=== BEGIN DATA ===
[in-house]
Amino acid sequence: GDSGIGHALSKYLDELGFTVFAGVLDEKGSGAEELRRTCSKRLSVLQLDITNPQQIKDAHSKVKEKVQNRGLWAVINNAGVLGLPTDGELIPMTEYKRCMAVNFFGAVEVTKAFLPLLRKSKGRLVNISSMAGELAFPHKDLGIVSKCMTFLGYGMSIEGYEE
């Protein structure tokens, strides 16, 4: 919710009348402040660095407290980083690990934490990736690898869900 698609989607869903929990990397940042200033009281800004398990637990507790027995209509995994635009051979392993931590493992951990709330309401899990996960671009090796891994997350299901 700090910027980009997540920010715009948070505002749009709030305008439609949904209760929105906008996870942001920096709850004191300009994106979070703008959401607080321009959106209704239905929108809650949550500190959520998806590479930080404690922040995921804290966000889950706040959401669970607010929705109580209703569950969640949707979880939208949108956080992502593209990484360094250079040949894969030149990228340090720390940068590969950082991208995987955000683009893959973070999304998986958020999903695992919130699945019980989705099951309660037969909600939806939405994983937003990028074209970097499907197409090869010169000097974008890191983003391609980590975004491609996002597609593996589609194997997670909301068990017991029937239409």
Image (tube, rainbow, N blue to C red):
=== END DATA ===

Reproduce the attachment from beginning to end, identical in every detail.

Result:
[in-house]
Amino acid sequence: GDSGIGHALSKYLDELGFTVFAGVLDEKGSGAEELRRTCSKRLSVLQLDITNPQQIKDAHSKVKEKVQNRGLWAVINNAGVLGLPTDGELIPMTEYKRCMAVNFFGAVEVTKAFLPLLRKSKGRLVNISSMAGELAFPHKDLGIVSKCMTFLGYGMSIEGYEE
């Protein structure tokens, strides 16, 4: 919710009348402040660095407290980083690990934490990736690898869900 698609989607869903929990990397940042200033009281800004398990637990507790027995209509995994635009051979392993931590493992951990709330309401899990996960671009090796891994997350299901 700090910027980009997540920010715009948070505002749009709030305008439609949904209760929105906008996870942001920096709850004191300009994106979070703008959401607080321009959106209704239905929108809650949550500190959520998806590479930080404690922040995921804290966000889950706040959401669970607010929705109580209703569950969640949707979880939208949108956080992502593209990484360094250079040949894969030149990228340090720390940068590969950082991208995987955000683009893959973070999304998986958020999903695992919130699945019980989705099951309660037969909600939806939405994983937003990028074209970097499907197409090869010169000097974008890191983003391609980590975004491609996002597609593996589609194997997670909301068990017991029937239409």
Image (tube, rainbow, N blue to C red):